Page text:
Is it a problem to read and not write?

I’m sure this has been asked before, so apologies in advance. Is it a problem the WaniKani teaches reading, not writing? Maybe it’s just me, but I find that whilst I can recognise and read some kanji now, a lot of them I’d struggle to recall if presented with a blank sheet of paper.

Is this something that eventually works itself out? Or is it best to do something else in the side to reinforce things?

Thanks all.


You’re going to have to practice it independent of WK.


It’s not a problem in the sense that WaniKani isn’t trying to teach writing. Most people don’t want to, and don’t have a need to, actually be able to write.

If you want to learn there are loads of threads here where people talk about what they’re doing to work on writing.


Not a problem. I’ve lived in Japan for 2.5 years-ish and have only ever had to write my address in kanji by hand, and I just did my best to copy it from my zairyuu card. Computers have more or less taken care of the need for me to write anything by hand. Typing is just fine for 99.9% of my Japanese writing needs.

This would probably be different if I were enrolled in a language school, or was a student at uni or something, but for my situation I just don’t NEED to write kanji that often.


You’ll need outside, dedicated practice to get writing down. My current situation is that I have hundreds of kanji I can fluently read, but not necessarily write from memory. That muscle memory is separate from recognition.

I currently do writing practice to make up the gap (using native materials aimed at school children, as well as kanji-test materials, to guide daily practice), but I waited until I’d passed N1 and was nearly done with Wanikani. Just assess your needs. If you’re just looking to survive in Japan, or interact with native media, writing can definitely be on back burner, as reading is far more important. If you’re planning on making a career in the country or just staying long-term, or want to improve your reading fluency even further, writing helps, but it’s not something you absolutely need to prioritize.

So, is it a problem? No, in terms of reading. In terms of life tasks? Maybe, but that’s going to apply to a very small subset of Japanese learners living in Japan, and even then, the speed and efficiency with which it teaches you reading probably makes up for that.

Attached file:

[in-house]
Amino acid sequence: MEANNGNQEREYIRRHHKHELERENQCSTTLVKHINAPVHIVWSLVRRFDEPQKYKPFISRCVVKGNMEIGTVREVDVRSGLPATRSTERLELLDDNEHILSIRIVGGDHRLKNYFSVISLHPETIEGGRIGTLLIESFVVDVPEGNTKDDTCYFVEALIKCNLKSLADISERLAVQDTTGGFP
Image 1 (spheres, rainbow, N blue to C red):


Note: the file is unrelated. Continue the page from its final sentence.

If you use Apple or Android though, the app version WAniki has a feature that shows stroke order and lets you practice writing on your screen. I’ve used it with a stylus and it’s nice. I haven’t used it extensively though because like @Chellykins I live in Japan (only about 6 months though) and really only need to write for my address (although they accept it in romaji anyway most of the time).


Depends on your learning objectives. Why do you want/need to write kanji?

Honestly for a lot of people I think you can skip writing almost entirely, and there’s an opportunity cost of whether that time could be better spent on something else. I studied for ~1.5 years before taking a trip to Japan, got by okay by conversation, reading, messaging with language exchange partners. Had a great time. I had to write a grand total of two Japanese characters during my trip: トム to put my name on a wait list as a gyoza joint in Kyoto. Not even one kanji.

Hell, I’m a bit over two years into study now, 1240 kanji down according to WKStats, and I have only just started practicing hiragana.


It’s not necessarily a problem to not prioritize writing. Especially in the beginning, that time is better spent learning grammar and vocab, in my opinion. If you do want to learn kanji at some point, I suggest learning the simple characters first (for example the 200 most common characters), and then apply a few rule-of-thumb rules to the other complicated ones. If you remember the kanji radicals, you only need to know the stroke order for the radicals and then compose the kanji out of that. I recommend reading this Tofugu article:


Thanks all. I’m just learning kanji for fun, so I have no need to write anything. I was just becoming slightly alarmed that I was struggling to picture kanji in my head, despite being able to recognise them when I saw them.

Out of interest, what is generally considered the best companion to WK? I learnt standard grammar and a decent slice of vocab years ago through JapanesePod101. I’ve tried BunPro but it didn’t really impress me much. It felt really unpolished and kind of random at times. I’ve also tried Duolingo but that stuck me as simply memorising things by rote, and it never explained anything. I’m just a casual learner, but I’d quite like to be able to fire up a Super Famicom or Japanese Saturn RPG someday and be able to read it and understand it.